Featured, Local News

Rare bird soars to Woodstock

By Kent McFarland

Staff report

People from all over New England flocked to Woodstock last week to catch a glimpse of a rare South American bird.

The bird, a crested caracara, which is native to Cuba, South America and Mexico, was affectionately named “Carl” on the Vermont Birding Facebook group.

It’s unclear what brought the caracara so far north. It was first spotted Wednesday, March 4 by a Pomfret resident. The bird stayed near Billings Farm and Museum in Woodstock, where it was last seen Saturday, March 7.

“Sometimes birds of all species will turn up in places they’re not supposed to be,” said Nathaniel Sharp, a data technician for the Vermont Center for Ecostudies. “That’s up to the individual motivations of the bird that are impossible for us to determine.”

Sometimes birds are thrown off course by climate change and weather patterns, but Sharp said there was no unusual weather and he doesn’t think long-term climate change had an impact.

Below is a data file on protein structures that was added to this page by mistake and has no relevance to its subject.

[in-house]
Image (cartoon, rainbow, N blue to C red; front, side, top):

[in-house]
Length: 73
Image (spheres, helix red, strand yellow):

Sharp said he identified the bird from photos sent to him by a local resident.

“The identification is unquestionable,” he said. “There’s no other bird that looks quite like it.”

The crested caracara is the official bird of Mexico and it is closely related to falcons. The bird looks like a bald eagle, but it’s smaller and has a red beak. They scavenge berries and feed off roadkill and other types of carcasses. The first day it was spotted in the area, it was seen eating a dead skunk, Sharp said.

“That’s one of the things I would guess is keeping this bird around,” Sharp said. “There’s plenty of roadkill in Vermont for it to feed on.”

This wasn’t the first time a Caracara was found in Vermont. A crested caracara was seen in Alburgh in 2018, Sharp said.  A caracara was also seen further North in St. George, New Brunswick, Canada in 2017, according to a CBC news report.

“This is definitely the rarest bird I’ve ever seen in Vermont,” Sharp said.

The bird attracted waves of visitors.  Martha Paine drove 2½ hours from Massachusetts to see the bird.

“It’s a very beautiful bird,” said Paine, who has been a birder for about 30 years.

“It’s so fun to pack your bags and head out,” she said. “You get more obsessed.”

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